The other possibility that Farrar states is the possiblity of major parties creating two seperate parties, an electorate vote party and party vote party, leading to supplementary member style electoral system of around 190 politicians. I find this possibility unlikley, and there is nothing stopping this happening today. Whats more likely is that if the Maori Party entrenches its hold on the Maori seats, which are gradually increased in number each census, and they continue to preform badly in the party vote, the Maori party could hold the balance of power in perpetuity. Not a good outcome for New Zealand.

More good polls

March 4, 2008

These polls are actually slightly good for Labour, as they actually put it above 35%. There has just been a TV3 poll and a NZ Herald Digipoll. The results of these two polls averaged out are as follows (for the seats calculation I assume no general electorates change hands, National wins the new seat of botany and the Maori Party win all Maori seats):
National 52.75% (65 seats- can govern alone)
Labour 35.75% (44 seats)
Greens 5.7% (7 seats)
NZ First 2.55% no seats
Maori Party 1.75% (7 seats, 5 overhang)
Act 0.7% (1 seat)
United 0.45% (1 seat, lucky to avoid an overhang)
Progressive 0.05% (1 overhang seat)
Note the impact of the Maori Party overhang on making National’s majority only 2 seats. A 4% swing to Labour could see it back into Government. The Maori Party winning all Maori seats creating a big overhang, as I said yesterday, could create real problems for National.

Colin Espiner believes part of the reason for Labour’s poor poling maybe the costs of food, petrol, and electricity increasing, together with rising interest rates putting the squeeze on household budgets. This may be the case, and if so it is unfair to Labour as it has no control over these things. However, I still look forward to Labour loosing the election, no matter what reason people choose to vote them out. David Farrar has the latest public poll summary, and you can see that National has led Labour consistently since the beginning of last year, so National’s current good polling is stable and clearly not the result of a one of occurrence, like its post Orewa speech bounce was, and thus is more likely to last. However, there is still 8 months to go until the election, and Labour will come out with every bribe and dirty trick it can to win the election, and a lot can happen during that time, so although we can be confident National is more likely to win than Labour, we can not be certain of a National win.

I’m back again

February 26, 2008

Hi readers (if there are any left), its been three months since I last posted on this blog, largely due to not being at uni, where my Internet access is, and spending time working and other things. But now its an election year, and I’m back at university, and I’m back blogging.

The latest polls should be very pleasing to any right wing conservative New Zealander. In the last few days we have a Colmar Brunton poll giving National a 19 point lead. We also have a Roy Morgan poll which also has National 19 points ahead. Even better still a Fairfax media-Neilson poll has an astonishing 23 point gap. And as David Farrar points out, these polls occured before the Owen Glenn story.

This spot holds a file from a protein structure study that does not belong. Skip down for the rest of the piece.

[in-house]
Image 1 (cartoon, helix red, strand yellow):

Lets now take a look at what would be the case if the election was now, instead of 7 months away. A realistic future parliament (by averaging the results of these polls and asuming no electorate seats change hands, and National wins the new seat of Botany) a future Parliament would look like this:
National 67 (asuming National stands candidates in all General electorates and 5 list only candidates, all except one candidate will be elected)
Labour 41 (good punishment for the Electoral Finance Act)
Greens 8 (up 2, but won’t matter much)
Maori Party 4 (including one overhang, two if they get an extra electorate seat, which is possible if Maori are amongst those deserting Labour, and especially if Turei (Green) doesn’t stand in Te Tai Tonga)
United Future, ACT, Progressive 1 each (both Dunne and Anderton as overhangs)

National of course won’t need any coalition partners.

National polling well

August 30, 2007

Two new polls have come oput recently, a NZ Herald DigiPoll, and a Roy Morgan. Here are the results averaged out:
National 50.4%
Labour (this is no joke) 33.9%
Greens 6.5%
NZ First 3.4%
Maori Party 2.65%
Act 1.2%
United Future 1%
Progressive 0.25%.

If those were the election results, and all electorate seats styed the same, our new Parliament would look like this (figures in brackets are those if NZ First wins an electorate):
National 63 (62) enough to govern alone in both cases.
Labour 43 (41) quite a lot more retirements are needed to stop sitting MPs loosing their seats.
Greens 8 (8)
NZ Fisrt 0 (4)
Maori Party 4 (4) one being an overhang in both occasions.
Act 2 (1)
United Future 1 (1)
Progressive 1 (1) being an overhang.

These results look promising. However don’t count votes before they are cast. Remember that it is still a year before the elction, and there were polls with national on 10 point plus leads only a few months before the last election. A large part of national’s support is still soft.